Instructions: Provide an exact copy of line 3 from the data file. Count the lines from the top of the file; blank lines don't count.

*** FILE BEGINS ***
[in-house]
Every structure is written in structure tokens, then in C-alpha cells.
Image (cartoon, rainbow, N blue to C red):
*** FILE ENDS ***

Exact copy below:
Image (cartoon, rainbow, N blue to C red):